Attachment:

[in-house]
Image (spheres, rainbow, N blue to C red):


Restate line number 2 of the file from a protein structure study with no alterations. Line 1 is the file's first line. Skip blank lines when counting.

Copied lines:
Image (spheres, rainbow, N blue to C red):